A large percentage of the population has their wisdom teeth removed during childhood. In most cases, the results aren’t anything to talk about. The patient may go home with some sore gums, nausea or inflammation commonly referred to as dry socket. The truth is that wisdom teeth extraction is still a surgical procedure, and one that left a family mourning the loss of their teenage boy.
When this particular surgery was complete, the 18-year-old boy went home with one of those common symptoms. His post-operative pain and swelling was referred to as “typical” by CBS Connecticut, but only 48-hours later his mother was holding her lifeless boy in her arms. What went wrong?
That question can’t be answered with the information at hand. At the time of The Portland Press Herald report, the autopsy wasn’t even complete, but doctors that have trained in the surgical profession said that complications from this type of surgery are rare.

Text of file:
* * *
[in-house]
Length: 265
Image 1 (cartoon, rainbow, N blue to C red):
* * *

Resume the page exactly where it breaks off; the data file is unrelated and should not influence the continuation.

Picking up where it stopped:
They are so rare, that one surgeon who worked as an attending physician at Massachusetts General Hospital said that there hasn’t been a single reported death in Massachusetts in 20 years after this type of procedure. That was based on surveys from 150 to 200 surgeons that work in the state.
When a surgery doesn’t go as planned, the incident is often described as a “bad outcome” or the patient’s family is told that “there were complications.” What does this mean? Does this mean that the patient was part of that one percent of the population that might respond negatively to medication, to stress or any other set of circumstances? Or does this mean that the doctor made a mistake?
An experienced medical malpractice attorney has the tools to investigate the matter, to determine if it was just a complication or if it was more than that. If negligence played a role in causing a fatality, it could be considered a wrongful death. From this point, a family can at least make a fully informed decision on how they want to handle the situation.
Source: CBS Connecticut, “Teen Dies Days After Having Wisdom Teeth Removed,” Feb. 27, 2014